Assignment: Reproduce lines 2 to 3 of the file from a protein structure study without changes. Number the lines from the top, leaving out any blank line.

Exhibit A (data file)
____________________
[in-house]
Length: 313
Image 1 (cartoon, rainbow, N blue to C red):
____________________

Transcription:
Length: 313
Image 1 (cartoon, rainbow, N blue to C red):